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Int J Cancer. 2015 Aug 1;137(3):598-606. doi: 10.1002/ijc.29411. Epub 2015 Feb 13.

Healthy lifestyle index and risk of gastric adenocarcinoma in the EPIC cohort study.

Author information

1
Unit of Nutrition, Environment and Cancer, Cancer Epidemiology Research Programme, Catalan Institute of Oncology (ICO-IDIBELL), Barcelona, Spain.
2
Department of Epidemiology, Murcia Regional Health Council, Murcia, Spain.
3
CIBER Epidemiology and Public Health CIBERESP, Melchor Fernández Almagro, Madrid, Spain.
4
National Institute for Public Health and the Environment (RIVM), Bilthoven, The Netherlands.
5
Department of Gastroenterology and Hepatology, University Medical Centre, Utrecht, The Netherlands.
6
The School of Public Health, Imperial College London, London, United Kingdom.
7
Department of Community Medicine, Faculty of Health Sciences, University of Tromsø - the Arctic University of Norway, Tromsø, Norway.
8
Department of Research, Cancer Registry of Norway, Oslo, Norway.
9
Department of Medical Epidemiology and Biostatistics, Karolinska Institutet, Stockholm, Sweden.
10
Samfundet Folkhälsan, Helsinki, Finland.
11
Diabetes and Cardiovascular Disease, Genetic Epidemiology Department of Clinical Sciences, Malmö Lund University, Clinical Research Center 60:13, Malmö, Sweden.
12
Department of Clinical Sciences, Skåne University Hospital, Malmö, Sweden.
13
Division of Internal Medicine, Skåne University Hospital, Malmö, Sweden.
14
International Agency for Research on Cancer (IARC-WHO), Lyon Cedex 08, France.
15
German Cancer Research Center (DKFZ), Division of Cancer Epidemiology, Heidelberg, Germany.
16
Epidemiology and Prevention Unit, Fondazione IRCCS Istituto Nazionale Dei Tumori, Milano, Italy.
17
Department of Epidemiology and Biostatistics, School of Public Health, Imperial College London, St Mary's Campus, London, United Kingdom.
18
Hellenic Health Foundation, Athens, Greece.
19
Bureau of Epidemiologic Research, Academy of Athens, Athens, Greece.
20
Department of Hygiene, Epidemiology and Medical Statistics, University of Athens Medical School, Goudi, Athens, Greece.
21
Department of Epidemiology, Harvard School of Public Health, Boston, MA.
22
Inserm, Centre for Research in Epidemiology and Population Health (CESP), U1018, Nutrition, Hormones and Women's Health Team, Villejuif, France.
23
University of Paris-Sud, Villejuif, France.
24
IGR, Villejuif, France.
25
Department of Epidemiology, Julius Center for Health Sciences and Primary Care, University Medical Center Utrecht, The Netherlands.
26
Dipartijmento Di Medicina Clinica E Di Chiruigia, Federico II University, Naples, Itlay.
27
Department for Biobank Research, Umeå University, Umeå, Sweden.
28
Department of Surgical and Perioperative Sciences, Umeå University, Umeå, Sweden.
29
Molecular and Nutritional Epidemiology Unit, Cancer Research and Prevention Institute - ISPO, Florence, Italy.
30
Cancer Epidemiology Unit, Nuffield Department of Population Health, University of Oxford, United Kingdom.
31
University of Cambridge CB2 2QQ and Nick Wareham, Professor and Director of MRC Epidemiology Unit, University of Cambridge, United Kingdom.
32
Navarre Public Health Institute, Pamplona, Spain.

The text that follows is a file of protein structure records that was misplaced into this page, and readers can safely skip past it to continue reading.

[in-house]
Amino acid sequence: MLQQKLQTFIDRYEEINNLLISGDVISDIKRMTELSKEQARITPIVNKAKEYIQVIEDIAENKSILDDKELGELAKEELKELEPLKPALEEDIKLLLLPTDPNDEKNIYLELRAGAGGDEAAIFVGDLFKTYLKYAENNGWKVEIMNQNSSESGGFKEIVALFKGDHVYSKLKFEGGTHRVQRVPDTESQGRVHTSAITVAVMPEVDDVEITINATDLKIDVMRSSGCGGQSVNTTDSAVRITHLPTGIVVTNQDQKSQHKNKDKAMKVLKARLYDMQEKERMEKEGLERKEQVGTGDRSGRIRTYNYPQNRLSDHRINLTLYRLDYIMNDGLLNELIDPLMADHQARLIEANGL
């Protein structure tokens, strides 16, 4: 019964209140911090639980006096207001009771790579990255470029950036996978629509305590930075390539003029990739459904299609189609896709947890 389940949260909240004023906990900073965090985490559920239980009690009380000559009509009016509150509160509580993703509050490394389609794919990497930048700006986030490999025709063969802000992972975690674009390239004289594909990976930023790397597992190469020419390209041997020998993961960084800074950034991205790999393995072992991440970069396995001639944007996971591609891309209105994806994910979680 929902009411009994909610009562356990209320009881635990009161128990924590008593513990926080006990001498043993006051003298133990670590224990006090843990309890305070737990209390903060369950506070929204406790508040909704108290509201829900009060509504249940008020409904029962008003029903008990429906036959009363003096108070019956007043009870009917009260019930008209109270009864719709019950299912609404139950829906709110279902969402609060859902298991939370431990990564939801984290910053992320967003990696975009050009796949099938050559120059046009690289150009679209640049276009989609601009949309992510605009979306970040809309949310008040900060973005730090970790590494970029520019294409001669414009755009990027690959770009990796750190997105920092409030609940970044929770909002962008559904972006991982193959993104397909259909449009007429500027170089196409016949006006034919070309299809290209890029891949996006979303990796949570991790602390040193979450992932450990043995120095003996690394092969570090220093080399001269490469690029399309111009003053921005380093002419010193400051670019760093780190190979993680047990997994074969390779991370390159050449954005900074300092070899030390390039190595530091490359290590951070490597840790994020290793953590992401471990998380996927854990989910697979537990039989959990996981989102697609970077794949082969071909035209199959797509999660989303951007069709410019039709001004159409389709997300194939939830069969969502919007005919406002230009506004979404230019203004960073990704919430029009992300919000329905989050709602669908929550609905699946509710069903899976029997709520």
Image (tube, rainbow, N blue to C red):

33
Aarhus University, Department of Public Health, Section for Epidemiology, Aarhus, Denmark.
34
Diet, Genes and Environment, Danish Cancer Society Research Center, Copenhagen, Denmark.
35
Public Health Direction and Biodonostia - Ciberesp, Basque Regional Health Department, San Sebatian, Spain.
36
Escuela Andaluza De Salud Pública, Instituto De Investigación Biosanitaria De Granada (Granada.Ibs), Granada, Spain.
37
Public Health Directorate, Oviedo, Spain.
38
HuGeF-Human Genetics Foundation, Molecular and Genetic Epidemiology Unit, Torino, Italy.
39
The Cancer Registry, Azienda Ospedaliera "Civile M.P. Arezzo", Ragusa, Italy.
40
The German Institute of Human Nutrition, Potsdam-Rehbücke, Germany.

Abstract

Several modifiable lifestyle factors, including smoking, alcohol, certain dietary factors and weight are independently associated with gastric cancer (GC); however, their combined impact on GC risk is unknown. We constructed a healthy lifestyle index to investigate the joint influence of these behaviors on GC risk within the European Prospective Investigation into Cancer and Nutrition (EPIC) cohort. The analysis included 461,550 participants (662 first incident GC cases) with a mean follow-up of 11.4 years. A healthy lifestyle index was constructed, assigning 1 point for each healthy behavior related to smoking status, alcohol consumption and diet quality (represented by the Mediterranean diet) for assessing overall GC and also body mass index for cardia GC and 0 points otherwise. Risk of GC was calculated using Cox proportional hazards regression models while adjusting for relevant confounders. The highest versus lowest score in the healthy lifestyle index was associated with a significant lower risk of GC, by 51% overall (HR 0.49 95% CI 0.35, 0.70), by 77% for cardia GC (HR 0.23 95% CI 0.08, 0.68) and by 47% for noncardia GC (HR 0.53 (95% CI 0.32, 0.87), p-trends<0.001. Population attributable risk calculations showed that 18.8% of all GC and 62.4% of cardia GC cases could have been prevented if participants in this population had followed the healthy lifestyle behaviors of this index. Adopting several healthy lifestyle behaviors including not smoking, limiting alcohol consumption, eating a healthy diet and maintaining a normal weight is associated with a large decreased risk of GC.

KEYWORDS:

EPIC; cohort; gastric cancer; healthy lifestyle score

PMID:
25557932
DOI:
10.1002/ijc.29411
[Indexed for MEDLINE]
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